Sweet, ripe crushed red berry fruit flavors and aromas are offset by bright, vibrant notes of black pepper and a suggestion of leather in this wine, and are supported by supple, medium-bodied tannins.
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Situated on the left bank of the Rhone between Orange and Avignon, the Mont-Redon vineyards feature large, rounded
stones known locally as galets. These stones retain some of the intense daytime heat of the southern sun and then slowly
disperse it to the vines during the night. The Mistral wind blows away any humidity, ensuring excellent climatic conditions
for the cultivation of vines. The grapes are handpicked and destemmed, followed by maceration to achieve good tannic
structure. After malolactic fermentation, the wine is matured in vats and oak barrels until bottling.
Wine maker notes
The fermentation is carried out in temperature-controlled vats at 30° to 32°C (86° to 89°F) over eight to ten days. A single cuvée is assembled and aged in large oak "foudres," or vats, for a period of four to six months prior to egg white fining and bottling. The style of Château Mont-Redon Côtes-du-Rhône is one expressive of its "terroir," and vinified to exhibit deep, clean, intense fruit, soft, balanced tannins and early approachability.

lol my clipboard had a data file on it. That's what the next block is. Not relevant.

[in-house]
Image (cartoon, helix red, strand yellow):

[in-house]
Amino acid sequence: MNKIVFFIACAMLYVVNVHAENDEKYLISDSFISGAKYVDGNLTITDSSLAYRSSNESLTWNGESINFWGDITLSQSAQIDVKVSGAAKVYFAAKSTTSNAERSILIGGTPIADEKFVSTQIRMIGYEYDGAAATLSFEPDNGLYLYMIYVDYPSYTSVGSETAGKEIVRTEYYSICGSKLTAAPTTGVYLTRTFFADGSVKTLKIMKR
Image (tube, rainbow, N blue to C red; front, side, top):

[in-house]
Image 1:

Mont-Redon’s extraordinary situation, at Chateauneuf-du-Pape’s highest elevation of 360 feet, is one of very few to include all three soil types found in the appellation. On the plateau’s summit are the classic alpine diluvium soils consisting of a deep layer of large, round stones over a clay subsoil that draws the vine roots far into the earth to find a source of water. The stones also act as a natural incubator, absorbing the intense Mediterranean sun during the day and radiating heat at night into the grapes. Planted in Grenache and Syrah, these soils lend structure and backbone to the fruit.
At the foot of the plateau, sheltered sandy soils support the Mourvedre and Cinsault vines, which in this environment develop richness and intense aromatic qualities.
The plateau’s slopes are composed of limestone pebbles that lend finesse and fruitiness to the white Grenache Blanc, Bourboulenc, Clairette, Roussane and Picpoul vines to which they are planted. The vines of the Chateauneuf estate average 45 years of age.
The Cotes-du-Rhone vineyard, also lying on Urgonian limestone, is planted principally in Grenache with smaller proportions of Cinsault and Syrah.